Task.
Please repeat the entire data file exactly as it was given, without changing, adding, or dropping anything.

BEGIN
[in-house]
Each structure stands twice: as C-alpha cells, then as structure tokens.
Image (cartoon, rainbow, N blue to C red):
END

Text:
[in-house]
Each structure stands twice: as C-alpha cells, then as structure tokens.
Image (cartoon, rainbow, N blue to C red):